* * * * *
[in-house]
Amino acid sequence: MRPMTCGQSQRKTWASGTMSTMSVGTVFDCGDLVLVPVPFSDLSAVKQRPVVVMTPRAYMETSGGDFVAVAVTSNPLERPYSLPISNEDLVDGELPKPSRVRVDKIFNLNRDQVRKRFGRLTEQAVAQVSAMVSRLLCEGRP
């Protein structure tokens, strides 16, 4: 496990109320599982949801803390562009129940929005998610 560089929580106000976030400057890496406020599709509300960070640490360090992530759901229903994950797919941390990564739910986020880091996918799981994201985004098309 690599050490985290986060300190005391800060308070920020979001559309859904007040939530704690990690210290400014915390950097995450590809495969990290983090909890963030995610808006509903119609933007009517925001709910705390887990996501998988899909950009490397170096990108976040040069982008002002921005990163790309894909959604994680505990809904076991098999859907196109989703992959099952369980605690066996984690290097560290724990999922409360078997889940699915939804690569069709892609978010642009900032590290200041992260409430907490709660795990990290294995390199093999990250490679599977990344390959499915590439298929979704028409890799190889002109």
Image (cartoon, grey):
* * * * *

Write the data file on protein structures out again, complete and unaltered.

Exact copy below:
[in-house]
Amino acid sequence: MRPMTCGQSQRKTWASGTMSTMSVGTVFDCGDLVLVPVPFSDLSAVKQRPVVVMTPRAYMETSGGDFVAVAVTSNPLERPYSLPISNEDLVDGELPKPSRVRVDKIFNLNRDQVRKRFGRLTEQAVAQVSAMVSRLLCEGRP
């Protein structure tokens, strides 16, 4: 496990109320599982949801803390562009129940929005998610 560089929580106000976030400057890496406020599709509300960070640490360090992530759901229903994950797919941390990564739910986020880091996918799981994201985004098309 690599050490985290986060300190005391800060308070920020979001559309859904007040939530704690990690210290400014915390950097995450590809495969990290983090909890963030995610808006509903119609933007009517925001709910705390887990996501998988899909950009490397170096990108976040040069982008002002921005990163790309894909959604994680505990809904076991098999859907196109989703992959099952369980605690066996984690290097560290724990999922409360078997889940699915939804690569069709892609978010642009900032590290200041992260409430907490709660795990990290294995390199093999990250490679599977990344390959499915590439298929979704028409890799190889002109």
Image (cartoon, grey):